November 27, 2003

Trumping Sistani

Bruce Rolston rightly points out how imam Sistani has been a major force in post-Saddam politics.

Juan Cole relates that he has proposed a serious challenge to plans to democratize Iraq by demanding that Iraq's new basic law provide for direct elections and a clause subordinating the legislature to the restrictions of sharia, and the interpreters of sharia, the imams.

Coupled with Sistani's other objection, that the writers of the new constitution must be directly elected, a solution is right before our eyes. In a tug of war an effective tactic (if you can pull it off) is to give some unexpected slack, throwing the other side off balance and then pulling them to defeat before they can regain their footing. If Sistani wants the imams over the legislature, that's not unacceptable if the people are over the imams. "No law may be passed in contravention to Islamic law" is a recipe for Iran II, a theocracy that will not serve Iraq well. "No law may be passed in contravention to Islamic law without the assent of the people in referendum" is a workable formula, giving mosque the power to influence but not having the final word. Can Sistani argue for the supremacy of the people in direct elections while simultaneously arguing that the people should have no voice whatsoever if the imams issue a fatwa? You might as well have Sistani nominate the constitution writers. I doubt that the Iraqi people would want to place themselves under another tyrannic yoke. How could Sistani argue against this?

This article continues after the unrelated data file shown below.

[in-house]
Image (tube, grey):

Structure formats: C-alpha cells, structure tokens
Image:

Sistani's demand requires a great deal of thought and adjustment. It's not unworkable though, if Bremer and the CPA can see sense and work for practical solutions. It won't be the United States in the end but it need not be a failed society. Could anyone doubt that a referendum mechanism would override the worst of Iran's theocratic excesses? Properly structured, a recognition of the faith of Iraq's overwhelming majority need not turn into theocracy. Iraq can see what happens when the mosques have the final say, poverty, stagnation, and decline. It's unlikely that this is what they want for their own state.

Posted by TMLutas at November 27, 2003 11:30 PM